Three events for CCS – Write Now – Deleuze – No Borders.

Three near overlapping events in thee next 10 days for Centre for Cultural Studies people at Goldsmiths:


Write Now! BER-CPH-LON PhD Symposium (Feb 9-11 2012)

You have to, you want to, you need to Write Now!

But how do you publish? 

In an atmosphere of loneliness, alienation, rejection, competition, anxiety, hierarchy, nepotism and jealousy, how does the “early career scholar” (re)negotiate the imperative to produce? Given the increases demands of the academic publishing industry, how can we avoid labouring under illusions, false promises and unrealistic expectations?  

And yet the pleasures of the text, new platforms and opportunities for publishing and sharing, are there before us. 

Open to Goldsmiths PhD candidates of all departments. 

Practical aspects of working towards a book publication will be a core part of the symposium.

Bring your ideas, texts, criticism. 

no charge (supported by the Goldsmiths Annual Fund).




Deleuze, Philosophy, Transdisciplinarity 

Goldsmiths, 10th-12th February
Plenary Speakers: Jean-Claude Dumoncel, Eric Alliez, John Mullarkey, Laura Cull, Anne Sauvagnargues

Invited Speakers: Giuseppe Bianco, Andrew Goffey, Marjorie Gracieuse, Tatsuya Higaki, Christian Kerslake, Iain MacKenzie, Stamatia Portanova, Nathan Widder

Organised by the Centre for Cultural Studies, Goldsmiths University of London (Masa Kosugi) and the Faculty of Humanities and School of European culture and Languages, the University of Kent (Guillaume Collett)

We are now entering a new phase of Deleuze studies which seeks to understand the specificity of Deleuze’s mode of philosophising. This is necessary, firstly in order to establish an account of his work’s developments and ruptures which is neither reductive nor partisan and secondly, to be able to better situate Deleuze within the context of contemporary thought. While the concept of immanence has recently been seized upon as the way of measuring Deleuze’s philosophical development (Kerslake, 2009; Beistegui, 2010), this conference would like to shift the focus to another yet closely interrelated problematic, which is the concept of philosophy and its essential relation to transdisciplinarity.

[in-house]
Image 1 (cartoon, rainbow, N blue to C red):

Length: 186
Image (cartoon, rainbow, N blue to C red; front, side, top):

What precisely does Deleuze understand by the term ‘philosophy’? In The Logic of Sense, Deleuze states that ‘Philosophy merges with ontology, but ontology merges with the univocity of Being’ (p. 205, Continuum, 2004). Does philosophy have privileged access to a univocal Being that is itself non-philosophical, and which subsumes not only philosophy but also philosophy’s preconditions – what The Logic of Sense refers to as the ‘sciences’ of logic, phenomenology, and psychoanalysis, as well as art? Does Deleuze and Guattari’s re-formulation of this problematic in What is Philosophy? contradict the earlier Deleuze when it appears to posit a more extrinsic relation – or interference – between philosophy, science, and art, all three of which open up to Chaos, which they claim is equally distinct from the preconditions of philosophy, science and art (nonphilosophy, nonscience, nonart)? Are we to understand Deleuze’s concept of philosophy as essentially and inherently transdisciplinary, and if so, how? What is at stake here is the possibility of establishing a ‘common ethico-aesthetic discipline’ (Guattari, Continuum, 2000) and the role of philosophy in such a project.

We aim to have a wide range of papers converging on the concept of philosophy found in Deleuze’s work and dialoguing with the problems we have alluded to. Suggested paper topics include, but are not limited to, the following:
– Deleuze and the history of philosophy: his methodology, his conception of the history of philosophy, his readings of specific philosophers and thinkers